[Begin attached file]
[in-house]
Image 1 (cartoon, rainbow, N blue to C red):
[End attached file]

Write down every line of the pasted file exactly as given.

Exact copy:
[in-house]
Image 1 (cartoon, rainbow, N blue to C red):